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Alzheimers Dement. 2017 May;13(5):561-571. doi: 10.1016/j.jalz.2016.10.006. Epub 2016 Dec 5.

The Alzheimer's Disease Neuroimaging Initiative 3: Continued innovation for clinical trial improvement.

Author information

1
Department of Veterans Affairs Medical Center, Center for Imaging of Neurodegenerative Diseases, San Francisco, CA, USA; Department of Radiology, University of California, San Francisco, CA, USA; Department of Medicine, University of California, San Francisco, CA, USA; Department of Psychiatry, University of California, San Francisco, CA, USA; Department of Neurology, University of California, San Francisco, CA, USA. Electronic address: michael.weiner@ucsf.edu.
2
Department of Veterans Affairs Medical Center, Center for Imaging of Neurodegenerative Diseases, San Francisco, CA, USA.
3
Alzheimer's Therapeutic Research Institute, University of Southern California, San Diego, CA, USA.
4
Division of Biostatistics, Department of Public Health Sciences, University of California, Davis, CA, USA.
5
Knight Alzheimer's Disease Research Center, Washington University School of Medicine, Saint Louis, MO, USA; Department of Neurology, Washington University School of Medicine, Saint Louis, MO, USA.
6
Division of Genetics, Department of Medicine, Brigham and Women's Hospital and Harvard Medical School, Boston, MA, USA.
7
Department of Radiology, Mayo Clinic, Rochester, MN, USA.
8
Helen Wills Neuroscience Institute, University of California Berkeley, Berkeley, CA, USA.
9
Department of Neurology, Mayo Clinic, Rochester, MN, USA.
10
Department of Radiology and Imaging Sciences, Indiana University School of Medicine, Indianapolis, IN, USA; Department of Medical and Molecular Genetics, Indiana University School of Medicine, Indianapolis, IN, USA.
11
Tailored Therapeutics, Eli Lilly and Company, Indianapolis, IN, USA.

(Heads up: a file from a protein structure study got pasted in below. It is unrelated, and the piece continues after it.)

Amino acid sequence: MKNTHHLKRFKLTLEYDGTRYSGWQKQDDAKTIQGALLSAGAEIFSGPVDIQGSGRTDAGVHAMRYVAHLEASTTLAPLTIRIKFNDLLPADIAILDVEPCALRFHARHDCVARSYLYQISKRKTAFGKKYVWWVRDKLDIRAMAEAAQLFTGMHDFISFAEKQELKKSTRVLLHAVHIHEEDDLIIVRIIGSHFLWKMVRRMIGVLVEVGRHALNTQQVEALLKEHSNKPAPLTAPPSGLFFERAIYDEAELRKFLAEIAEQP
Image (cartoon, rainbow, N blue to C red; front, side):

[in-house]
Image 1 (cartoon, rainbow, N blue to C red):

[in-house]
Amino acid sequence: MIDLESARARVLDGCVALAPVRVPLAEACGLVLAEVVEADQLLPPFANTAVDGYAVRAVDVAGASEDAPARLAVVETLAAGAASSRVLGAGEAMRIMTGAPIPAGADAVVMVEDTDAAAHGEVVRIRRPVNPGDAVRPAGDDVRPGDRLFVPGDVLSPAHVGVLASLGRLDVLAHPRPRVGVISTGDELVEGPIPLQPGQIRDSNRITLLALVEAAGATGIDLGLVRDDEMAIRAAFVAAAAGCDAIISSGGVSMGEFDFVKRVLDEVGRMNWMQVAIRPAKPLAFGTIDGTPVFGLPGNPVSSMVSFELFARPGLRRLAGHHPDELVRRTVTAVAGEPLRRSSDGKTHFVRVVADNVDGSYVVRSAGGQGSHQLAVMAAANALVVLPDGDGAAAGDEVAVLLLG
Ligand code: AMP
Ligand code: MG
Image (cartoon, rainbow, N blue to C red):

12
Laboratory of Neuroimaging, Institute of Neuroimaging and Informatics, Keck School of Medicine of University of Southern California, Los Angeles, CA, USA.
13
Institute on Aging, Perelman School of Medicine, University of Pennsylvania, Philadelphia, PA, USA; Alzheimer's Disease Core Center, Perelman School of Medicine, University of Pennsylvania, Philadelphia, PA, USA; Udall Parkinson's Research Center, Perelman School of Medicine, University of Pennsylvania, Philadelphia, PA, USA; Department of Pathology and Laboratory Medicine, Center for Neurodegenerative Research, Perelman School of Medicine, University of Pennsylvania, Philadelphia, PA, USA.

Abstract

INTRODUCTION:

The overall goal of the Alzheimer's Disease Neuroimaging Initiative (ADNI) is to validate biomarkers for Alzheimer's disease (AD) clinical trials. ADNI-3, which began on August 1, 2016, is a 5-year renewal of the current ADNI-2 study.

METHODS:

ADNI-3 will follow current and additional subjects with normal cognition, mild cognitive impairment, and AD using innovative technologies such as tau imaging, magnetic resonance imaging sequences for connectivity analyses, and a highly automated immunoassay platform and mass spectroscopy approach for cerebrospinal fluid biomarker analysis. A Systems Biology/pathway approach will be used to identify genetic factors for subject selection/enrichment. Amyloid positron emission tomography scanning will be standardized using the Centiloid method. The Brain Health Registry will help recruit subjects and monitor subject cognition.

RESULTS:

Multimodal analyses will provide insight into AD pathophysiology and disease progression.

DISCUSSION:

ADNI-3 will aim to inform AD treatment trials and facilitate development of AD disease-modifying treatments.

KEYWORDS:

Alzheimer's disease; Amyloid phenotyping; Brain Health Registry; Centiloid method; Clinical trial biomarkers; Functional connectivity; Tau imaging

PMID:
27931796
PMCID:
PMC5536850
DOI:
10.1016/j.jalz.2016.10.006
[Indexed for MEDLINE]
Free PMC Article

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